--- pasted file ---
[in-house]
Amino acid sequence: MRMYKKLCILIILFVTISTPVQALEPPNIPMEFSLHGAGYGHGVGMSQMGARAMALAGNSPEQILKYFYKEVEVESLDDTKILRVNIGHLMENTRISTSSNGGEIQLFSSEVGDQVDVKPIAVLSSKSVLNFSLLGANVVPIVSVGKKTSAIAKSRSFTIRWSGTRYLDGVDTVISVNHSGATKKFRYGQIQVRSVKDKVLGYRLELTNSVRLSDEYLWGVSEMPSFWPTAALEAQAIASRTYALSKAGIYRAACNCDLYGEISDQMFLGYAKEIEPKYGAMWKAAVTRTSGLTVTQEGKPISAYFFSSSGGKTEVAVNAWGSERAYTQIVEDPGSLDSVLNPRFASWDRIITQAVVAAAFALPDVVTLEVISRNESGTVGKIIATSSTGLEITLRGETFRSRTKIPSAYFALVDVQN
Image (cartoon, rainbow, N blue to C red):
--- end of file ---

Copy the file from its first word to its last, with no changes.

[in-house]
Amino acid sequence: MRMYKKLCILIILFVTISTPVQALEPPNIPMEFSLHGAGYGHGVGMSQMGARAMALAGNSPEQILKYFYKEVEVESLDDTKILRVNIGHLMENTRISTSSNGGEIQLFSSEVGDQVDVKPIAVLSSKSVLNFSLLGANVVPIVSVGKKTSAIAKSRSFTIRWSGTRYLDGVDTVISVNHSGATKKFRYGQIQVRSVKDKVLGYRLELTNSVRLSDEYLWGVSEMPSFWPTAALEAQAIASRTYALSKAGIYRAACNCDLYGEISDQMFLGYAKEIEPKYGAMWKAAVTRTSGLTVTQEGKPISAYFFSSSGGKTEVAVNAWGSERAYTQIVEDPGSLDSVLNPRFASWDRIITQAVVAAAFALPDVVTLEVISRNESGTVGKIIATSSTGLEITLRGETFRSRTKIPSAYFALVDVQN
Image (cartoon, rainbow, N blue to C red):